Some say they're good fortune. Others say eating collard greens and black-eyed peas bring prosperity and wealth for the New Year.
"I'm just hoping for a blessed year for everyone in 2016," said Linda Segraves of Dawsonville.
Gordon Pirkle, owner of Dawsonville's historic Pool Room, is fine with either explanation, but he knows the real truth behind the New Year's tradition.
"They're just good," he said as he refilled a pan of deep fried hog jowls on the buffet line at the downtown diner for lunch on New Year's Day.
Using the same Pirkle family recipe that's been passed down from generation to generation , the Pool Room crew served up more than a thousand lucky meals with diners from near and far waiting on the buffet to open as early as 11 a.m.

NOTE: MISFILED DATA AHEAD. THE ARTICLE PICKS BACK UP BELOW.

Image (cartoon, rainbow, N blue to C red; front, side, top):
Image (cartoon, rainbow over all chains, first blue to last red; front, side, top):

"It's our tradition," said Regina Disharoon, who was ringing in the New Year with her husband and friends.
It's also a tradition for Pirkle's family to meet for lunch at the restaurant on New Year's Day.
"Daddy called and said it was already packed, the most he's seen here so early," said daughter Hayley Garrett.
Pirkle started the tradition more than 30 years ago, when he opened the restaurant on the holiday with the intention of cooking the southern staples for family and his staff.
He said the crowd continues to grow bigger each year.
"Look at how many people are here," he said.